BOOK REVIEW: Project MK-Ultra: Sex, Drugs, and the CIA, Vol. 1 by Brandon Beckner

Project MK-Ultra: Sex, Drugs and the CIAProject MK-Ultra: Sex, Drugs and the CIA by Stewart Kenneth Moore
My rating: 5 of 5 stars

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Out: October 19, 2021

This graphic novel mixes fiction with the historical events, and – in a bizarre inversion of the usual – the most outlandish parts of the story tend to be the history. It tells the story of the CIA’s ill-fated and highly illegal “experiments” with LSD, studies that involved dosing unwitting individuals on American soil. The fictionalized through line of the story involves a San Francisco journalist who stumbles onto the CIA’s illicit activities in 1971, and – even after being discredited – continues to pursue the story with the help of a whistleblower. The book includes a prologue that shows the accidental dosing of chemist Albert Hofmann in his laboratory, an event that marked the discovery of LSD. And it comes to an end showing Operation Midnight Climax, a sub-project of MK-Ultra that was among the most audacious plots because it involved setting up a brothel at which johns were involuntarily dosed with LSD and watched through 2-way mirrors as they did the deed [or freaked out, as the case may be.]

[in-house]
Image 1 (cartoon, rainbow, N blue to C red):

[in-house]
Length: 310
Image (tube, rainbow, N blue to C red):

The art is interesting. A lot of the frames are psychedelic, reflecting the fact that one is seeing the world through the eyes of tripping individuals. Most of the rest are retro to give the feel of the time at hand. In most cases, that’s 1971 San Francisco, but some of the story jumps back to events in the 50’s and 60’s. At one point the frames reminded me of Archie and Jughead comics.


I enjoyed how the story was told, using the driven newbie journalist as protagonist. That said, the book may be annoying for individuals who are curious about what is fact and what is fiction. Footnotes are occasionally used to help in this regard, as well as to give information about period references used for authenticity.


I found this book compelling, but – having read a fair amount about MK-Ultra – I had some idea what was true and recognized the names of key figures. If you’re interested in the ridiculous annals of the CIA and aren’t bothered by the fact / fiction mixing, check it out.


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BOOK REVIEW: Zen Buddhism and Its Relation to Art by Arthur Waley

Zen Buddhism and Its Relation to ArtZen Buddhism and Its Relation to Art by Arthur Waley
My rating: 4 of 5 stars

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Project Gutenberg (FREE)